Mark 14:22-26 (NIV): While they were eating, Jesus took bread, gave thanks and broke it, and gave it to his disciples, saying, “Take it; this is my body.” Then he took the cup, gave thanks and offered it to them, and they all drank from it. “This is my blood of the covenant, which is poured out for many,” he said to them. “I tell you the truth, I will not drink again of the fruit of the vine until that day when I drink it anew in the kingdom of God.” When they had sung a hymn, they went out to the Mount of Olives.
The unleavened bread and wine were a normal part of the Passover meal. But as the meal progressed that night, Jesus began to fill these familiar symbols with new meaning.
The unleavened bread was a symbol of the deliverance of Israel from Egypt. On the night of the first Passover, the Israelites were instructed to make and eat their meal quickly, without even giving the bread time to rise (Exodus 12:11, 39). And the Jewish people ate unleavened bread for a full week starting with the Passover as a remembrance of that event.
Over time, yeast became a kind of symbol for sin, because both yeast and sin multiply quickly and affect everything nearby, spreading until it has affected the whole batch of dough. When Jesus presented the bread to His followers that night, both meanings were very pertinent. The giving of Jesus’ body in just a few hours was going to be the mechanism to provide deliverance for the people of the world from their bondage to sin and death. Also, Jesus had lived a completely sinless life, so His body, symbolically given to the disciples in the bread, was pure and holy – without sin. Thus Jesus had no sin of His own that had to be paid for by His death. So His death would be accepted as payment for the sins of all humanity.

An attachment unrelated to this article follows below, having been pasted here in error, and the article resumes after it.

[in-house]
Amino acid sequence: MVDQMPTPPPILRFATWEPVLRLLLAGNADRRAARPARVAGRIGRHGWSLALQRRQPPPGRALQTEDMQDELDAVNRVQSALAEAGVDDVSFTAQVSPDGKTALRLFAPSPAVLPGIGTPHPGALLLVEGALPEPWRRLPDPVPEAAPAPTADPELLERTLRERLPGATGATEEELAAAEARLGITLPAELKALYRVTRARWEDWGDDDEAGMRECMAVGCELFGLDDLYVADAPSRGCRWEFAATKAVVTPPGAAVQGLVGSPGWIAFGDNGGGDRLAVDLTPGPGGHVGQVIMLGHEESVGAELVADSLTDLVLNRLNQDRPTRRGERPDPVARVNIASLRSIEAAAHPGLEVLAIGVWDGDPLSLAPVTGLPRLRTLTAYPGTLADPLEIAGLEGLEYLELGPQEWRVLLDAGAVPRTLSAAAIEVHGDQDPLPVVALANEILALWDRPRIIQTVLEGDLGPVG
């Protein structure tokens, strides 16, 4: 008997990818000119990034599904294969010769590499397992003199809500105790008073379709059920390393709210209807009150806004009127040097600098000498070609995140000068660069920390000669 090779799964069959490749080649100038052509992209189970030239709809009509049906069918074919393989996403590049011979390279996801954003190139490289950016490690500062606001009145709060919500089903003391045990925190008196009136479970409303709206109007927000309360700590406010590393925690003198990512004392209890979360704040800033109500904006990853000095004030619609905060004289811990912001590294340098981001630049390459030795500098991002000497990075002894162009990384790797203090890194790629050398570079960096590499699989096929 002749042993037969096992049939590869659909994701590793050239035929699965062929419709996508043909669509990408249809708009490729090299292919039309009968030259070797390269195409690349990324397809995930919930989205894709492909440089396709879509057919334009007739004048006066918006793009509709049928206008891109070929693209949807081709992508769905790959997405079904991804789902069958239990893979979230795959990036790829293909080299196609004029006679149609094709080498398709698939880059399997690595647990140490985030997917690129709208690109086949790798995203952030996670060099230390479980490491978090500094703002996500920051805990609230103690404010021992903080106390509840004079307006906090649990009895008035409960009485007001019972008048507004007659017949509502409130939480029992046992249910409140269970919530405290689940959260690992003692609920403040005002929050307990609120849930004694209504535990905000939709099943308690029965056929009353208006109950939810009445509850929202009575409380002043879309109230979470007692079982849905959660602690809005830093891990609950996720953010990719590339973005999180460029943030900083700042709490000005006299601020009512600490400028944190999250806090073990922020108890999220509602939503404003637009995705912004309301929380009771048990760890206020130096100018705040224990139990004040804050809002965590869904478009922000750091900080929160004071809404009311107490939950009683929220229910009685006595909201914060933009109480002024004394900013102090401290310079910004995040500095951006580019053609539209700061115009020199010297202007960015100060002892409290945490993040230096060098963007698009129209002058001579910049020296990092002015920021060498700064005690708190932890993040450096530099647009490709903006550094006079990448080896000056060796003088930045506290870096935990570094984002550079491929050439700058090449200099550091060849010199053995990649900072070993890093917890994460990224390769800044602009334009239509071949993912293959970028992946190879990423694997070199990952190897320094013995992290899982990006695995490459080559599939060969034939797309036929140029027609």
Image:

The cup symbolized and celebrated the Old Covenant given on Mt. Sinai – a covenant sealed with the blood of bulls, and sheep, and goats. Jesus reinterpreted this to symbolize the new covenant, sealed with His own blood that He was preparing to pour out on the cross.
Jesus did not drink the wine that night (cf. Luke 22:17-18). Some have believed that it was because He didn’t want the alcohol to dull His senses. But the amount that He would have gotten from that cup that was shared all around would have been very small, and out of His system before His arrest. But right at that moment, Jesus was making the transition Himself from the Old Covenant to the New Covenant. He would drink wine again, but not until that transition had been completed.
This reinterpretation of the Passover meal was a powerful symbol that His disciples never forgot. And these elements have become a central part of Christian worship to this day, reminding all who partake of them that they are part of the holy Body of Christ, the people of the New Covenant that was made once and for all with the blood of the Lamb.
Father, it always strikes me when we take communion how rich the symbolism is. And the fact that we, as Your people, are joining others all around the world in this same ceremony of remembrance is a powerful reminder of the fact that we are all one in You. Thank you for these symbols, and thank You for the reality that lies behind them. Amen!